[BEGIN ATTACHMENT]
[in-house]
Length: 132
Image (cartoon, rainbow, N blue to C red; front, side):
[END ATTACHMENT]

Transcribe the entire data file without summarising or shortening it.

[in-house]
Length: 132
Image (cartoon, rainbow, N blue to C red; front, side):